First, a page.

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Chlamydophila was recognized in 1999, with six species in Chlamydophila and three in the original genus, Chlamydia. All Chlamydiae are anaerobic bacteria with a biphasic developmental lifecycle that depends on obligately intracellular growth in eukaryotic host cells.
Prior to 1999, criteria for chlamydial species were not exclusive. For example, at that time genus Chlamydia = family Chlamydiaceae; C. psittaci were distinguished from C. trachomatis by sulfadiazine resistance, although not all C. psittaci were resistant; C. pneumoniae was classified by its appearance under electron microscopy (EM) and its ability to infect humans, although the EM appearance was found to differ from one research group to the next, and all of these species infected humans.
The systematic taxonomy established for Chlamydiae in 1999 uses up-to-date, prevailing criteria for bacterial classification, including DNA-DNA reassociation, 16S and 23S ribosomal RNA gene similarity, sequence similarity clustering of protein coding genes, and genome size. Supporting criteria such as antigen detection, glycogen staining, host association, and EM morphology are also employed, depending on applicability and availability. In 1999, many Chlamydia strains were reorganized into the genus Chlamydophila.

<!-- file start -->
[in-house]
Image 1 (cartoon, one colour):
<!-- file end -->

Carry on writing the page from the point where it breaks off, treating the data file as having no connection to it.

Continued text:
Comparative genomic analyses have identified large numbers of signature proteins that are uniquely present in species from the genera Chlamydia and Chlamydophila, supporting the distinctness of these genera. This view has been challenged by a more recent whole genome analysis leading to a proposal to "reunite the Chlamydiaceae into a single genus, Chlamydia". To date, this nomenclature controversy has not been resolved.
Divergence of Chlamydophila from Chlamydia is indicated by sequence similarity clustering of protein coding and ribosomal RNA genes. The 16S ribosomal RNA gene sequences of Chlamydophila and Chlamydia are close to 95% identical. However, 95% is not a cutoff for separating Chlamydiaceae genera but is a guideline for establishing new genera in chlamydial families. The full-length 23S rRNA genes of Chlamydophila and Chlamydia species are less than 95% identical.
|Genus||Approximate Genome Size (million DNA base pairs)||Detectable Glycogen||Number of Ribosomal Operons|
Distinctions such as EM morphology, antibiotic resistance, and extrachromosomal plasmid are typically species-specific characteristics.
Species in Chlamydophila include:
Given the contentious nature of the issue, the NCBI Taxonomy Database retains both genus names for use by submitters.